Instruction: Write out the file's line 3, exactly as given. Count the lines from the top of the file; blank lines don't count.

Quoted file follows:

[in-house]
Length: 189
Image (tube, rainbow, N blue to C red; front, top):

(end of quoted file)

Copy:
Image (tube, rainbow, N blue to C red; front, top):